Friday, July 6

Of course, now that people were starting to leave the weather improved. The Thin Man had departed the evening before, taking the night train back to Berlin. Chill was drove out, heading back in the direction of Geneva while Anti-Gravity Jon packed up his bike. Dr. Chef, Steve Z. and I were under less time pressure and we agreed to head off to the north for some nice climbs near the town of Villé, which meant retracing my ride of Thursday to St-Hippolyte and then continuing.





The weather was quite good and we reached the first major junction at Chatenois quite rapidly. The next stretch of road, a short piece of the N-59 and then a long stretch of the D424, had the most traffic of any part of our rides and we were relieved to get to Villé. However, the roads were poorly marked here and we departed with some confusion and much consultation of the maps, eventually finding our way to an excellent climb, which took us along the D23 to Urbeis and the Col d’Urbeis (602 m). We turned right on the D214 and were rewarded with excellent views as we climbed further to the village of Le Climont.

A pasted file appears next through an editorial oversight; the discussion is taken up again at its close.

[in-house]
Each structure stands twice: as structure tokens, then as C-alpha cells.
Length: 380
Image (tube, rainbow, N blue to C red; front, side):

Steve Z. had asked me about some creaking noises his bike was making and I had a sense of foreboding. Sure enough, in Le Climont his cassette body failed, exactly as mine had in Maryland a month earlier, and his Tour d’Alsace was at an end. Dr. Chef and I continued on the most direct route back to the gite, passing the Col de Steige (534m) and riding at time trials speeds through Maisonsgoutte and Ville and then back all the way home, with only a moment or two of rain along the way. We did stop to take pictures of us at the Col sign, of course. Once back at the gite, Dr. Chef took the S-Max and went back to collect Steve Z., and that was the end our week in Alsace. At least we had managed to put in 85 km in one day, with a reasonable gain of 720 m.